LAKE BUENA VISTA, Fla. -- It's been three whole weeks since the Prince Fielder trade was consummated.
Hey, maybe that doesn't sound like very long to you. But three weeks is a lifespan for the average monarch butterfly and, more to the point, feels like an eternity in our tech-savvy, Twitteriffic world and in a baseball industry that has seen ample player movement -- especially in the American League West -- in the time since.
So it is that people have been pestering Rangers general manager Jon Daniels this week about when he's going to make a "big move," to which Daniels offers a rational response.
"We're good," Daniels said Wednesday.
Note that that's "good" as in good, not "good" as in done. The Rangers continue to keep in touch with Nelson Cruz, and, more pertinently, MLB.com's T.R. Sullivan reported Wednesday night that they have been putting "a lot of work" into signing Shin-Soo Choo.
The Rangers have been believed to be one of the teams in the best position to land Choo ever since they made the Craig Gentry trade with the A's, and Choo would immediately augment the top of their order.
But Daniels has to be careful not to go overboard in that particular pursuit, because, with or without Choo (a great U2 song, by the way), he is correct in his assumption that this Texas team is in a pretty good position to improve upon last season's lackluster run production and, ergo, win the West.
"I think the reality is we've made a lot of big moves over the years," Daniels said, "so there's this expectation that we're going to be involved with everything. Not everything makes sense for us to be involved with."
Indeed, if Cruz wants anything beyond a two-year guarantee, that doesn't make a great deal of sense for the Rangers. I'm not going to pile on Cruz because of his Biogenesis-related suspension, because, frankly, that's not nearly as pertinent a point as the fact that he turns 34 next summer, and the regression in positive contributions from mid-30s players whose value is derived solely from their bat can be steep.
That said, the Draft-pick compensation attached to Cruz affects his market and could wind up benefiting the Rangers. Cruz's asking price could come down to a much more manageable level in the coming days or weeks.
The Rangers would also be wise to be patient with Choo, whose market has been difficult to gauge even by the standards of Scott Boras clients. Choo's value, after all, has been impacted by a lot of other activity in the industry, including not just the seven-year, $153 million Jacoby Ellsbury deal but the D-backs' trade for Mark Trumbo, the Yankees' agreement to sign Carlos Beltran and the Mariners' moves on Wednesday that included a trade for Logan Morrison and the signing of Corey Hart.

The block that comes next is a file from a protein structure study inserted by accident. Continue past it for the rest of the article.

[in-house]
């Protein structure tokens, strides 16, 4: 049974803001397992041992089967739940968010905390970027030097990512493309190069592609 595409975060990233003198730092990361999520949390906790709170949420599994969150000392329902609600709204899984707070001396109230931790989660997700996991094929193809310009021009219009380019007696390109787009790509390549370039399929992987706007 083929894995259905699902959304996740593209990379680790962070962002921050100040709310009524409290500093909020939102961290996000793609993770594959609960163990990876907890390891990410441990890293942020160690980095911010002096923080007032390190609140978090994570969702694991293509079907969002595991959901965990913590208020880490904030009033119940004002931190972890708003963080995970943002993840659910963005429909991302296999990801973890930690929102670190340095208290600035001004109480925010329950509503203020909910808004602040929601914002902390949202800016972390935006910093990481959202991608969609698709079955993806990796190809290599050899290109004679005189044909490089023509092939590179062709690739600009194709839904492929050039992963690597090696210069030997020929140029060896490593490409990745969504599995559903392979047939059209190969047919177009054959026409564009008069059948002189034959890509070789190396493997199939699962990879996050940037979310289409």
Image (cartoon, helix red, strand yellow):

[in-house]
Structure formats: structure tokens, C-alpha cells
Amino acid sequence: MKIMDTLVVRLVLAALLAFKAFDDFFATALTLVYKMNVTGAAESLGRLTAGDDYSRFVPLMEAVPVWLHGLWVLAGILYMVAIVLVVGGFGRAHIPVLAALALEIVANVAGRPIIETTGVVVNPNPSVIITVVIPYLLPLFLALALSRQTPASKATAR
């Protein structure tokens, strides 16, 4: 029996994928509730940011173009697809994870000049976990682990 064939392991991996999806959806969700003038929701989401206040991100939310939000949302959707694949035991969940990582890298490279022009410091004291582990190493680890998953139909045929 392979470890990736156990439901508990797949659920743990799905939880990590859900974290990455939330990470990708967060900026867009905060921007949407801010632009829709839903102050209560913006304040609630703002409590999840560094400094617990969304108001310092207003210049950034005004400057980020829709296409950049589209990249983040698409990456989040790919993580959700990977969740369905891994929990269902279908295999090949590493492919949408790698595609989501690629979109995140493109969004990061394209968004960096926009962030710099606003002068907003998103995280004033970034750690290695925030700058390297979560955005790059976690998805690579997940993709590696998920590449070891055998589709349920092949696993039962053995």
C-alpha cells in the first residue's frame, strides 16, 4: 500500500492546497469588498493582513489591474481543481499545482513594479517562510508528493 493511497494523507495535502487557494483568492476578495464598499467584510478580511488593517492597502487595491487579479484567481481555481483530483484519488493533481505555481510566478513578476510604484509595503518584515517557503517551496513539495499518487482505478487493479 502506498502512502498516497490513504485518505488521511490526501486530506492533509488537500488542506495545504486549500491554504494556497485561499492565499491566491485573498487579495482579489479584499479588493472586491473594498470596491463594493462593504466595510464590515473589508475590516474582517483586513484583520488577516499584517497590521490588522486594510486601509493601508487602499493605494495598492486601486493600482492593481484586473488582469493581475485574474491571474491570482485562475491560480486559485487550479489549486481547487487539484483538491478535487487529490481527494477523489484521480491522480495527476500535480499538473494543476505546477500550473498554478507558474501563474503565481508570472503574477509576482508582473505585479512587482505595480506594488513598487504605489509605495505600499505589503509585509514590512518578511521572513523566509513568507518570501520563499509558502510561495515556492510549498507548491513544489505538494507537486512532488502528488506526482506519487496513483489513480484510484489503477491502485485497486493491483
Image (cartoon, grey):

I am on record as Choo's biggest supporter. I've never covered a player who worked harder or cared more, and his durability has been superior to that of Ellsbury. For much of his career, Choo has been wildly underrated. But this wild winter -- and that Ellsbury contract, in particular -- has the effect of overinflating Choo's free-agent price, at present, particularly given his well-documented struggles against left-handed pitching. So the Rangers would be wise to stand their ground on this one, lest they wind up bidding against the dreaded "mystery team."
If the Rangers lose out on Choo, it would be hard to characterize it as the end of their word. They'll still entertain realistic expectations going into 2014. No matter how much we analyze this thing up and down in the here and now, the truth of the matter is that a club's holes are going to more accurately reveal themselves in-season, and the good news for the Rangers is they have the trade chips to address those holes in-season. They have a farm system widely regarded as one of the best in baseball, because they are loaded with middle-infield depth (second baseman Rougned Odor and shortstop Luis Sardinas are advancing up the ladder) and pitching (Luke Jackson and Akeem Bostick are highly regarded arms in a system that already has a strong bounty of Major League options at starter).
"I don't mean for this to sound arrogant," Daniels said. "I think it's more a reflection of the job our scouts and coaches have done. But we have the ability to acquire just about anybody that's put on the marketplace. We're not the only team that can say that, but we're in that position, if we want to part with the talent. For the most part, we don't. But you can't ignore some of the opportunities out there, either. We have given them and will continue to give them consideration."
The Rangers are also giving consideration to Masahiro Tanaka, who, if posted and acquired, would support a rotation sturdy on paper but wobbly in terms of recent injury history.
This winter's primary goal, though, was to boost the offense. And the Fielder trade, which solved the dual goals of adding a power bat and opening an everyday opportunity for Jurickson Profar, did just that.
Choo would provide another big boost. But the Rangers don't necessarily have to sign him at any cost.
They don't have to make another "big move" just for the sake of making a big move.
"Bottom line is we like our team, we like some of our options, we like our young players coming and we don't feel a sense of desperation or urgency to make a move or a deal that we don't like," Daniels said. "We've put ourselves in a position where we can be a little bit picky."
Anthony Castrovince is a reporter for MLB.com. Read his columns and follow him on Twitter at @Castrovince.